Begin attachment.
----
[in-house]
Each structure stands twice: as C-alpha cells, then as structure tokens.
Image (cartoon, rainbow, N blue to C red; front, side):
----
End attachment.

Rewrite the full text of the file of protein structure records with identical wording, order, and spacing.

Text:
[in-house]
Each structure stands twice: as C-alpha cells, then as structure tokens.
Image (cartoon, rainbow, N blue to C red; front, side):